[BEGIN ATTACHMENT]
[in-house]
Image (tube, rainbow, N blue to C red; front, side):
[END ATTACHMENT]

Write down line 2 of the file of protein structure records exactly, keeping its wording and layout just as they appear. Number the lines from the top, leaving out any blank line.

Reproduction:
Image (tube, rainbow, N blue to C red; front, side):